Vancouver snowboard preview
American Shaun White is the overwhelming favorite the halfpipe
Team USA has dominated the halfpipe since 1998, a trend likely to continue
Watch for Kelly Clark, Gretchen Bleiler to make a run for women's gold
SI.com's writers will preview each event from the 2010 Winter Olympics in Vancouver. Here's Sarah Kwak's look ahead to snowboard.
Into the stiff, streamlined repertoire of the International Ski Federation came snowboarding, which made its Olympic debut in 1998. Since then, it's grown to include three different events -- parallel giant slalom, halfpipe and snowboard cross -- that show range and a wealth of skill.
With a cast of chill daredevils, the snowboarding events stole the show in Turin four years ago. From high-flying halfpipe routines, to controversial crashes on the snowboard cross course, the sport translates well to television. And the youthful appeal of the athletes show they are as much fun off the snow as they are careening down on it. Across the three events, there seems to be something for everybody: The tournament-style parallel GS is unpredictable; the halfpipe is a course in showmanship; and snowboard cross has speed and a douse of contact to keep it exciting.
Athletes to watch
Shaun White, USA, Halfpipe: His name and his mane have become synonymous with halfpipe excellence. The '06 gold medalist will be the overwhelming favorite in Vancouver given his collection of death-defying jumps that he created and honed on the top-secret personal halfpipe Red Bull built in the backcountry slopes of Colorado. With other top Americans Kevin Pearce and Danny Davis out because of catastrophic injuries, the field is no doubt thinner, which means the spotlight will shine on White and his orange mop even more. Last month, he debuted his signature double McTwist 1260 -- an impossibly complex twisting, flipping, corking jump -- at the Grand Prix event in Park City, Utah. The trick earned his run a record score of 49.50 out of 50.00. Next stop: Perfection.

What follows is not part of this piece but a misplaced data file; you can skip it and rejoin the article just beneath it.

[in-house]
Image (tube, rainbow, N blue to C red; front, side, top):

Jasey-Jay Anderson, Canada, Parallel GS: In this, his fourth and final Games, the 34-year-old boarder is facing his last chance at the Olympic podium. That he could achieve it in his home country would make it even sweeter. In his last 10 World Cup events, Anderson has four wins and is currently ranked second in the World Cup standings. To make good on his dream, though, he'll have to fend off strong Austrian rider Benjamin Karl (ranked first) and Andreas Prommegger (third).
Lindsey Jacobellis, USA, Snowboard Cross: To the millions that watched the free-for-all four-man race down the hill for the first time at the Turin Olympics, Jacobellis was that showboating snowboarder who let a gold medal slip away when she fell after performing a method grab in the home stretch. And while she has also demonstrated that she's the most dominant athlete in her sport, she's still defined, to a certain extent, by a split-second decision to grandstand. Jacobellis put the embarrassing event behind her and aiming for redemption and promises: "That won't happen again."
Since the halfpipe event was added to the program in '98, Team USA has been dominant, winning 10 of the possible 18 medals awarded. That trend will most certainly continue in Vancouver given the U.S.' stacked women's team. Watch for Kelly Clark, Gretchen Bleiler and Hannah Teter to make a run at another American sweep of the podium (the U.S. men won three medals in the halfpipe in '02). Clark, who won four of the five U.S. Grand Prix events this season, is the woman to beat at Cypress Mountain.
White vs. Frends: Unlike the women, who are all close outside the bounds of competition, don't expect all the boys to link arms and sing kumbaya around the fire after all is said and done. It's odd to see a divide in a carefree sport that is all about community, but it all seemed to have spawned from White's desire to keep his halfpipe to himself. "He's pushing himself and not the sport," rider Jack Mitrani said in December.
Pearce, who had his own halfpipe built by Nike, decided to share his with some of the sport's elite riders, forming a clique called Frends (no "I," naturally). Pearce, however, sustained a devastating head injury in late December and will be absent in Vancouver. As will Frend Danny Davis, who hurt his back in an ATV accident three weeks later. Their absence makes room for Frend Scotty Lago and recent Dancing with the Stars contestant Louie Vito to try and unseat White.
Bet you didn't know
Snowboarding, and more specifically White, are ratings magnets. NBC saw 23.2 million viewers watch White's victory, which was 3.3 million more than the average for the Games.